In a bid to preserve the Conwy mussel industry, a plan to give one company control of fishing has been proposed.
The status of the mussels – caught between September and April – is protected in the same way as champagne and prosciutto.
Because of low yields and new regulations, only two operators were on the water in 2017-18.
Conwy council will discuss supporting the Conwy Mussel Company to control the waters and who fishes them.
A report before councillors on Wednesday warns there is a threat of the industry “coming to an end” otherwise.
The mussels, which are hand-raked in small wooden boats, are considered larger and more succulent than other types, while the environment off the Conwy coast, where they grow, is seen as unique.
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New commercial rules have been brought in by the Welsh Government, with operators having to pay £5,000 for a licence and modify their vessels.
This led to only two operators being present on the water in 2017-18.
“Given the marginal returns presently generated by mussel fishing, the new policy will most likely act as a bar to any new fishers entering the industry and to existing fishers without licences remaining in the industry,” the report reads.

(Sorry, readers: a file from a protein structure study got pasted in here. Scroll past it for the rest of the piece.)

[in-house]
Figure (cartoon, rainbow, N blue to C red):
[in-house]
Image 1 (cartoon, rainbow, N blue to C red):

Councillors will be recommended to approve supporting the Conwy Mussel Company in managing fishing in the area at a meeting on Wednesday.
The purification plant, where the mussels are kept for 42 hours to make them clean and fit to eat, is currently leased by the firm from the council.
Another option in the report is that the Welsh Government continues running the waters as it has done since 2009.
Lying between Gwynedd and Anglesey, the area is largest for mussel farming in the UK.